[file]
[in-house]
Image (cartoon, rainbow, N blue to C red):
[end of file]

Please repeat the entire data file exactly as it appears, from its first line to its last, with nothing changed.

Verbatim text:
[in-house]
Image (cartoon, rainbow, N blue to C red):